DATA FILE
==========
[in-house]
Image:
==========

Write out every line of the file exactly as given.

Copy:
[in-house]
Image: